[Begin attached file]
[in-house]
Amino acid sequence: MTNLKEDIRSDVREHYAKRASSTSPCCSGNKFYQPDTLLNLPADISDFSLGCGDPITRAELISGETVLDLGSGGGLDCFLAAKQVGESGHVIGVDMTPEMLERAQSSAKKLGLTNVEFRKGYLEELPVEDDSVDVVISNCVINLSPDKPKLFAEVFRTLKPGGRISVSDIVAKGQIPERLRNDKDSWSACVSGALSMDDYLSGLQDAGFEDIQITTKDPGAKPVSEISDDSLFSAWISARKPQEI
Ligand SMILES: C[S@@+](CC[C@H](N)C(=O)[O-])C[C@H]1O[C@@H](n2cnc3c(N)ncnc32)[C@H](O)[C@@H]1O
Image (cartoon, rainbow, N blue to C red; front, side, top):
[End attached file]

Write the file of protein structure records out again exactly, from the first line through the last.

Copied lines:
[in-house]
Amino acid sequence: MTNLKEDIRSDVREHYAKRASSTSPCCSGNKFYQPDTLLNLPADISDFSLGCGDPITRAELISGETVLDLGSGGGLDCFLAAKQVGESGHVIGVDMTPEMLERAQSSAKKLGLTNVEFRKGYLEELPVEDDSVDVVISNCVINLSPDKPKLFAEVFRTLKPGGRISVSDIVAKGQIPERLRNDKDSWSACVSGALSMDDYLSGLQDAGFEDIQITTKDPGAKPVSEISDDSLFSAWISARKPQEI
Ligand SMILES: C[S@@+](CC[C@H](N)C(=O)[O-])C[C@H]1O[C@@H](n2cnc3c(N)ncnc32)[C@H](O)[C@@H]1O
Image (cartoon, rainbow, N blue to C red; front, side, top):